Could A Birth Control Pill For Men Be On The Horizon?

Nearly half of all pregnancies in the United States are unplanned. With more than 40% of babies delivered after an unplanned pregnancy being born to a single mother, the health consequences and socioeconomic burden of unintended pregnancy have historically weighed more heavily on women — much like the duty of not becoming pregnant in the first place (per National Library of Medicine).

Despite years of criticism and wondering why more wasn't being done to change the narrative, the responsibility for preventing pregnancy has fallen disproportionately on women. Aside from sterilization, hormonal birth control options — with their potential hazards to women's health — have long been a sexually active woman's best bet for avoiding pregnancy. However, a new study published in Nature Communications on Tuesday suggests that the playing field may soon be a little more level, as researchers believe they have developed an effective birth control pill for men.

Since their development, women's contraceptive pills have worked by flooding the body with estrogen and progesterone. These hormones can produce short-term side effects like nausea, weight gain, headache, and mood disorders, as well as long-term consequences like cervical cancer. However, the contraceptive designed for men works without the use of hormones. Instead, it inhibits an enzyme that plays a critical role in sperm's ability to mature and swim to the egg (per CBS News).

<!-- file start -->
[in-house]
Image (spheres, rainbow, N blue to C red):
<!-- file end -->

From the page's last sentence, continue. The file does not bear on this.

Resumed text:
How 'the pill' for men works

While women's birth control pills require continuous use in order to be effective, researchers say that this pill is more of an "on-demand" option. It's designed to be taken in the moments prior to having sex, similar to performance enhancers like Viagra.

So far, the medication has only been tested on mice, but with encouraging results. "The effect started within 30 minutes after dosing and the mice were completely infertile for the subsequent two hours," said Lonny Levin — one of the studies co-senior researchers (per U.S. News). The study also notes that the following day, the mice — along with their ejaculate — were back to normal with no adverse side effects.

Levin explains that there's a lot more work that needs to be done before they can test the medication on humans, but suggests that the promising results might one day lead to a world where "men can be equal partners in family planning and people should not have to take a contraceptive every day of their lives in order to control their fertility."